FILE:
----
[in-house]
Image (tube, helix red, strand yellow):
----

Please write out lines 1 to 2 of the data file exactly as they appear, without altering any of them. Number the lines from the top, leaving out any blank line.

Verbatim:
[in-house]
Image (tube, helix red, strand yellow):